INFOBAE – It is remarkable that someone has spoken of the “curse of exporting food”. If anyone is asked who gets the cheapest lettuce, would they answer the one who produces it or who buys it? No one would hesitate to say that to the one who produces it. Since in the country that exports a food, its producer chooses between selling it to local consumers or abroad; the internal price must be similar to the one he would charge by placing it at the border or port at the disposal of buyers from other countries. These, in turn, must take them to their own consumers; which will add the marketing, logistics and freight expenses. Therefore, those who buy them in the gondolas of importers will have to pay all those costs that are not paid by those who buy them in the exporting country. Conclusion, it is a blessing to be able to produce food; because that lowers the price of them.
The question is: why are there countries that import their food, their people can pay more for it and still have sufficient access to it, while in others that produce it, there is part of their population that does not have enough to eat, such as in Argentina?
Let’s go back to the example of one person. Only a minority is dedicated to producing food; but that does not mean that the rest cannot buy them. That will depend on whether, by doing something else, they can generate the income to acquire them. The same thing happens with countries. Those that prosper have a good diet, whether they produce food or not; since what is relevant is to produce the resources so that its inhabitants can buy them.
In Argentina, some economists and politicians have made us believe that we are rich because we have many natural resources. Nothing more wrong. An apple on a tree can satisfy hunger; but only if someone takes the trouble to harvest it. If not, it will never feed anyone. From the beginning of this century, the utopia arose that the Argentines would be saved with “Dead Cow”. However, in the period of greatest increase in the price of oil in history, not only the interventionist policies of Kirchnerism kept it very dead, but they made sure that Argentina was one of the two countries in the world where, without mediating a war , the production of hydrocarbons fell.
It is no coincidence that the other was Venezuela. A country that is settled on a sea of oil; but fuel and energy are scarce for its inhabitants, because nobody wants to invest there. Conclusion, that “wealth” they have is not such. Only investment and work is what makes a resource in wealth and well-being for citizens when they are made available. That is true for Venezuela, Argentina and any other country in the world.
An Argentine or a foreigner invests because he thinks that he has found a need that he can cover by organizing the production of a good or service at a price that allows him to cover costs and earn money; but that, at the same time, whoever is going to sue him can pay. Besides, of all this risk, he assumes the one to see how to handle it well. So there are many things that can fail and make you lose his money and effort. In Argentina, he has to add to it that politicians intend to spend insatiably squeezing them with taxes that they must add to their prices and beg that the consumer pay them or they will go bankrupt. According to the World Bank, the country is in 21st place, out of 190, among those that most taxes are charged to companies. Not only that, they make a report where they take a typical SME with good profit margins on sales and see what would happen to them in each country if it paid all taxes and fees. Argentina is one of the two places where it would lose money and some are scandalized by the high informality of the sector. If all paid taxes, most would go bankrupt.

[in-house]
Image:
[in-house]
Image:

If you still think that investing here is extremely attractive, keep in mind that most government officials consider that they know how to handle work or business much better than their fellow citizens. For example, they can make you lose money by freezing you or controlling your prices; because it suits them politically. Or force you to sell cheaper to some and not letting you sell to others. For example, the true owner of the export currencies is who produced the good or service that was sold abroad and generated them. However, the Central Bank has decided that this man is obliged to sell them to him at a much lower price than others would pay them, causing him to lose part of his income. Now, if a public body can order you what to do with something, that is no longer yours; which overwhelms the property rights. They have even prohibited importing supplies; which forces to buy locally a more expensive and worse one, making the final products also so. The list is long and, in fact, already in 2019 there were more than 67,000 regulations and, since it took office, this government has dedicated itself to increasing them by dozens per week.
Without investment there is no productive employment or the possibility of generating the necessary resources, not only so that everyone has access to enough food, but also to pay other expenses, among them the permanent waste of our politicians and officials. The true Argentine curse is the widespread belief that we are “rich” and we just have to redistribute so much abundance well by choosing miraculous governments that multiply the “loaves and weights.” While the countries that prosper and are successful in eradicating hunger, they are clear that this can only be achieved with effort and investment and that these become more lavish the more the State respects the rights of those who work and invest, the freedom of markets and , in short, legal security. Argentina can be one of these countries, only if it urgently faces the structural reforms necessary for investments to arrive and we generate more opportunities for progress for all Argentines.
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